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A little-known fact (at least in the minds of consumers) is that injectable treatments such as Botox, Restylane, and others require a prescription in the state of California. Because of this fact, a physician, nurse practitioner, or physician assistant is supposed to examine the patient before a prescription can be written and before the injections are to proceed. While we understand and accept that this examination is largely a formality, we do require every patient at our facility to go through it because we believe in strictly adhering to the laws and regulations set forward by the medical and nursing boards of California.
Each state dictates its own legislation through its State Medical Board and/or Board of Registered Nursing to determine the scope of practice for those performing injection procedures such as Botox, Restylane, and Perlane. Currently, California has determined that the administration of Botox Cosmetic must be carried out by an RN, PA, NP, or MD. If the physician is not the one performing the first procedure, it is mandated that a “Good Faith Exam” must be performed by the physician overseeing the practice or by an individual with an advanced practice degree before the first injection may take place. Most medical practices that we polled do not perform this exam for several reasons. The first is that it is viewed as an unnecessary formality and the second is that the medical office is not owned by or employs an advanced degree practitioner and as such does not have the correct personnel to perform the exam. In these cases, the practitioner (most often a nurse) is breaking the law by administering a prescription drug without the proper examination.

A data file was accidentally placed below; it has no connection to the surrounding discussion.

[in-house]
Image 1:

The good-faith exam is a brief meeting wherein the physician (or an advanced practice practitioner such as a Nurse Practitioner or Physician Assistant) assesses the patient, makes note of their medical history and explains the procedure prior to the first treatment at that particular facility. Thereafter, no further exams are required and those properly licensed medical professionals may then administer future treatments. Although this requirement may seem uneventful and more of an inconvenience for not only patients but practitioners as well, we believe that it is a very necessary step in ensuring that current California laws and regulations are respected and carried out as mandated. For those practitioners that knowingly disregard current state requirements or plead ignorance, we question where else in their practice they are cutting corners. As a patient, know your practitioner, their record, and whether or not they are in compliance with California medical regulations.